The device consists of a wearable harness with sensors that detect when a person is about to fall
Spotted: According to the World Health Organization, falls are the second leading cause of death from unintentional injuries worldwide. In Singapore, 40 per cent of injury-related deaths are due to falls. And with an ageing population, the risk of falls and related injuries is only going to increase. To address this problem, researchers at Nanyang Technological University, Singapore (NTU Singapore) and Tan Tock Seng Hospital (TTSH) have developed an assistive robot that can help to prevent falls.
Called the Mobile Robotic Balance Assistant or MRBA, the device consists of a wearable harness with sensors that detect when a person is about to fall. The harness then triggers the system to extend and provide support. The system is further informed by a depth-sensing camera that observes the user’s movement and a machine-learning algorithm that predicts future imbalances.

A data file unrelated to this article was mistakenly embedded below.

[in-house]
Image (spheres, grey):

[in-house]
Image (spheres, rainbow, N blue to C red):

In trials, the device was shown to be effective in preventing falls, even in older adults with poor balance control and patients recovering from stroke and spinal cord injuries. It was also found to help with sitting, standing, and walking. The researcher’s aim is for the robot to alslo support physiotherapy by helping recovering patients carry out key rehabilitation exercises.
Next up, the team hopes to further test the device with a group of 71 more participants from day rehabilitation centres. The Rehabilitation Research Institute of Singapore is aiming to commercialise the MRBA within the next year. With further development, this technology has the potential to reduce the number of fall-related injuries and deaths in Singapore as well as other countries with ageing populations.
Medical robots have an important role in providing greater support and transforming the healing process for patients and caretakers. Springwise has spotted a number of innovations in healthcare robotics, including an AI-powered glove designed for wearers with a range of physical conditions and nano-robots fighting bacterial infections.
Written By: Katrina Lane